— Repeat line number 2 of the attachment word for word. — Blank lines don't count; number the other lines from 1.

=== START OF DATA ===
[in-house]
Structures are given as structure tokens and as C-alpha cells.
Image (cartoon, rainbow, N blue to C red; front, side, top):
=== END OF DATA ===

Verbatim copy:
Structures are given as structure tokens and as C-alpha cells.